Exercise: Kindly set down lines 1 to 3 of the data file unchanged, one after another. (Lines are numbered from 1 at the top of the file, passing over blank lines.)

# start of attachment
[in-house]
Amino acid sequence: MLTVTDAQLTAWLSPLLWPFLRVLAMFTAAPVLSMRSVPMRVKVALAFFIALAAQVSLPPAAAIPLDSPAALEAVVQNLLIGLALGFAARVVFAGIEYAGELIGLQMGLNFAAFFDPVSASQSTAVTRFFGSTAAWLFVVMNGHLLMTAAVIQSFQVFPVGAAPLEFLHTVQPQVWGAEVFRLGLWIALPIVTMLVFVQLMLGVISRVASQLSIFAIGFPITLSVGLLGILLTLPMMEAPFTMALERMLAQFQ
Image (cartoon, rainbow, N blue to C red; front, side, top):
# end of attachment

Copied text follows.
[in-house]
Amino acid sequence: MLTVTDAQLTAWLSPLLWPFLRVLAMFTAAPVLSMRSVPMRVKVALAFFIALAAQVSLPPAAAIPLDSPAALEAVVQNLLIGLALGFAARVVFAGIEYAGELIGLQMGLNFAAFFDPVSASQSTAVTRFFGSTAAWLFVVMNGHLLMTAAVIQSFQVFPVGAAPLEFLHTVQPQVWGAEVFRLGLWIALPIVTMLVFVQLMLGVISRVASQLSIFAIGFPITLSVGLLGILLTLPMMEAPFTMALERMLAQFQ
Image (cartoon, rainbow, N blue to C red; front, side, top):